Evidence for Sorghum Domestication in Fourth Millennium BC Eastern Sudan: Spikelet Morphology from Ceramic Impressions of the Butana Group

@article{Winchell2017EvidenceFS,
  title={Evidence for Sorghum Domestication in Fourth Millennium BC Eastern Sudan: Spikelet Morphology from Ceramic Impressions of the Butana Group},
  author={Frank Winchell and C. Stevens and C. Murphy and L. Champion and D. Fuller},
  journal={Current Anthropology},
  year={2017},
  volume={58},
  pages={673 - 683}
}
  • Frank Winchell, C. Stevens, +2 authors D. Fuller
  • Published 2017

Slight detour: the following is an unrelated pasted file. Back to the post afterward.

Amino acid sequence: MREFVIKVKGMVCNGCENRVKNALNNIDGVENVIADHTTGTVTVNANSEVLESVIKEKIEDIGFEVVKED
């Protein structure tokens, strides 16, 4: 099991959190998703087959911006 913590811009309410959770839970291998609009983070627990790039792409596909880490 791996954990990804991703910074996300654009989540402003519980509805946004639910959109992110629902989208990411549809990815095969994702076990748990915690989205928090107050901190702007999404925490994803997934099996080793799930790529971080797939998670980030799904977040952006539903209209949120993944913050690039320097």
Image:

• Sociology
  • Current Anthropology
  • Since the 1970s, the quest for finding the origins of domesticated sorghum in Africa has remained elusive despite the fact that sorghum (Sorghum bicolor (L.) Moench. sensu stricto) is one of the world’s most important cereals. Recognized as originating from wild populations in Africa (Sorghum arundinaceum (Desv.) Stapf), however, the date and cultural context of its domestication has been controversial, with many scholars inferring an early Holocene origin in parallel with better-known cereal… CONTINUE READING
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